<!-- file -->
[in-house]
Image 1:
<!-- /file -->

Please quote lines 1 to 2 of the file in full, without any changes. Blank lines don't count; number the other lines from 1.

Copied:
[in-house]
Image 1: